When and why do trees begin to decrease their resource allocation to apical growth? The importance of the reproductive onset
Maki Suzuki , Kiyoshi Umeki , Olga Orman , Mitsue Shibata , Hiroshi Tanaka , Shigeo Iida , Tohru Nakashizuka , Takashi Masaki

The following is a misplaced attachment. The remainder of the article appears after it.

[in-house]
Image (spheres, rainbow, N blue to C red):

AbstractTrees reduce their allocation to apical growth compared with that to radial growth during later life stages. This has often been attributed to hydraulic and mechanical limitations; however, a growth–reproduction tradeof might also play an important role. To test whether the height–diameter (H–D) relationship in trees changes with the timing of the onset of reproduction, we analyzed the H–D relationship of 13 deciduous broad-leaved tree species in a Japanese old-growth temperate forest using linear and segmented-linear regression models. These models showed a better ft than common continuous models (simple allometry and saturating curve). For 11 out of 13 species having break points on the H–D lines, we assessed whether the height at the breakpoint (BPH) was related to the height at the onset of reproduction determined by multiyear observatory records on several trees. Although BPH estimates for these 11 species were highly variable, most were within 3.1 m of the stable fowering height (staFLH), or the height at which trees achieve the ability to fower regardless of their growth conditions. The interspecies mean value of the diference between staFLH and BPH was only 45 cm, which suggested a causal relationship between these parameters. BPHs of nine out of 11 species were within the canopy layer and, for the two remaining species, were within the subcanopy layer. These results suggest that several species in this forest begin to reduce their allocation to apical growth around the canopy layer at the onset of stable reproduction.
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